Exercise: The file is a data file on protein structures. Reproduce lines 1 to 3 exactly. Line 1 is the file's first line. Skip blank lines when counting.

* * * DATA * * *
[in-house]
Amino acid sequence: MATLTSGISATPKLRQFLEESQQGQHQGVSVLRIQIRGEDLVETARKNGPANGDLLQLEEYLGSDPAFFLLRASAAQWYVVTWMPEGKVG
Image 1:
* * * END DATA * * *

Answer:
[in-house]
Amino acid sequence: MATLTSGISATPKLRQFLEESQQGQHQGVSVLRIQIRGEDLVETARKNGPANGDLLQLEEYLGSDPAFFLLRASAAQWYVVTWMPEGKVG
Image 1: